I'm getting this error while trying to create a procedure in MySQL:

Error Code: 1337
Variable or condition declaration after cursor or handler declaration

even after doing a lot of Googling I found no relevant solution to my problem. My procedure is as below:

DELIMITER //
CREATE PROCEDURE emp_dates(IN startDate DATE, IN endDate DATE)
BEGIN
DECLARE fromDt DATETIME;
DECLARE toDt DATETIME;
DECLARE done INT DEFAULT FALSE;
DECLARE employees CURSOR FOR SELECT empid FROM employees;
DECLARE CONTINUE HANDLER FOR NOT FOUND SET done=TRUE;
DECLARE emp VARCHAR(20);
SET fromDt=startDate;
SET toDt=endDate;

OPEN employees;

WHILE fromDt<=toDt DO
REPEAT
    FETCH employees INTO emp;
    IF NOT done THEN
    INSERT INTO new_attendance_2(attid,empid,dt) VALUES(DEFAULT,emp,fromDt);
    END IF
UNTIL done END REPEAT;
SET fromDt=DATE_ADD(fromDt, INTERVAL 1 DAY);
LOOP
CLOSE employees;
END
DELIMITER ;

The purpose is to create a procedure which will take two dates as input and insert records in other table for every day that comes in between of those two. Somebody please help! I appreciate any little help. Thanks a lot in advance.

up vote 16 down vote accepted

It's obviously complaining about:

Variable or condition declaration after cursor or handler declaration

So I would be looking here where you do indeed declare variables after the cursor and handler:

   DECLARE employees CURSOR FOR SELECT empid FROM employees;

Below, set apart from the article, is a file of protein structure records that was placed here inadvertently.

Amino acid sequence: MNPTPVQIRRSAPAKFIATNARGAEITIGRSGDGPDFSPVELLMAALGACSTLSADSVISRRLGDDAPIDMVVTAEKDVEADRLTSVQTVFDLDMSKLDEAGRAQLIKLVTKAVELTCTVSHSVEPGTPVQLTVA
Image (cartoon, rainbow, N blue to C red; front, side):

DECLARE CONTINUE HANDLER FOR NOT FOUND SET done=TRUE;
>> DECLARE emp VARCHAR(20);

If you modify your declarations thus, it should be okay:

DECLARE fromDt DATETIME;
DECLARE toDt DATETIME;
DECLARE done INT DEFAULT FALSE;
DECLARE emp VARCHAR(20);

DECLARE employees CURSOR FOR SELECT empid FROM employees;

DECLARE CONTINUE HANDLER FOR NOT FOUND SET done=TRUE;

The order has to be, as per here:

Cursor declarations must appear before handler declarations and after variable and condition declarations.

  • thanks a lot, it worked. – Sunny Sharma Sep 13 '13 at 8:38
  • @paxdiablo, It's not obvious at all. Everyone would read it as "variable has an error, or condition declaration after cursor has an error, or handler declaration has an error". – Pacerier Apr 2 '15 at 16:47
  • @Pacerier, I didn't say the wording was obvious, just that it was obviously complaining with that phrase, so that's where you should look. Agree it could be read as error with "(Variable) or (condition declaration after cursor) or (handler declaration)" but, in this case, it's actually "(Variable or condition declaration) after (cursor or handler declaration)", which is the way I read it so obviously not everyone would read it in the manner you describe. But that may just be because I'm weirder than most folk :-) – paxdiablo Apr 3 '15 at 2:22

You need to re-order your declarations.

Cursor declarations must appear before handler declarations 
and after variable and condition declarations.

http://dev.mysql.com/doc/refman/5.1/en/cursors.html

  • 1
    I did it wrong because it is not logic. Why do cursors need to be declared after variable declarations is unknown for me. – Lucio Jun 13 '14 at 18:32
  • @Lucio, "logical", not "logic". – Pacerier Apr 2 '15 at 16:50

Your Answer

 

By clicking "Post Your Answer", you acknowledge that you have read our updated terms of service, privacy policy and cookie policy, and that your continued use of the website is subject to these policies.

Not the answer you're looking for? Browse other questions tagged or ask your own question.